Camden Council has successfully appealed against Foxton’s description of their agency fee in their lettings literature. Foxtons have been ordered to pay a penalty charge of £18,000.
Background to case
In 2015, the Council’s Trading Standards team undertook enforcement action after establishing that Foxtons was charging an administration fee of £420 for tenants and landlords.
The Council advised Foxtons that they needed to provide users with a breakdown of any fees which would allow them to clearly see what services they were paying for under the Consumer Rights Act 2015. However, Foxtons continued to use the term without undertaking this clarification.
Consequently, in early 2016 the Council’s Trading Standards team issued four ‘Notices of Intent’, for the maximum penalty of £5,000, to each branch of Foxtons located in the borough, as well as their website, for using the term without the required clarification.
Foxtons responded that they had modified their literature to explain that administration fees “can cover” certain services, including examples, but did not explicitly state a full breakdown of the fee on the basis that it covered a range of services which would vary from applicant to applicant. The Council considered that this did not provide sufficient clarity and issued four Final Penalty Charge notices in April 2016.
Foxtons appealed those notices to the First Tier Tribunal in October 2016. The judge stated that Foxtons were wrong to state, “administration fees £420” when enforcement action first began. They however decided that by the time the council served its final notices, Foxtons had revised their literature to explain a number of the services provided, and the fees therefore did not breach the law, consequently reducing each penalty charge notice for the initial breach to £3,000. This was on the basis that the applicant could see what was covered by other fees and therefore, by a process of elimination, could discern what the letting fee covered.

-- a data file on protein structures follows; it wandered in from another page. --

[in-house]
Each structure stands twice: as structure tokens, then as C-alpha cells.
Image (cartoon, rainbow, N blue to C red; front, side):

Upper Tribunal decision
The Council appealed the decision in the Upper Tier Tribunal in June 2017 on the basis that “administration fees” still did not give an adequate description for the services provided, and considered that by stating the “administration fee can cover…” it lacked the detail required to allow those using the service to know exactly what they were paying for.
The Upper Tribunal allowed the use of the words “administration fee”. However, it agreed with the Council’s argument and stated that the First Tier Tribunal had failed to consider what services the administration fee might not cover and revised the penalty charge notices to £4,500 for each breach, totalling £18,000. A £500 reduction on each fine was granted in recognition of Foxton’s attempt to amend their literature to comply with the Consumer Rights Act 2015.
The MP for housing in Camden, Pat Callaghan, said: “We are delighted with this judgment as it has clarified what letting agents must do when publicising their fees…..customers can now fully understand what they are liable for and make informed choices and proper comparisons with other letting agents about the fees charged.
“This judgment also gives clarity to Trading Standards officers nationally when enforcing fees and by assisting to ensure the market place is consistent for all letting agents and their prospective clients”.
The Upper Tribunal has clarified that there is nothing wrong with using the phrase “administration fee”. However, the description that goes with it must be clear and give a full list of fees payable. Where some of those fees will not apply to certain applicants that should also be clear and where a fee contains a range of work and sets a maximum cap then it should also be clear that the fee represents the maximum sum that will be payable.
Where agents are considering amending their list of fees following this decision we strongly recommend that they seek legal advice and do not rely on this post to guide them on what to do next.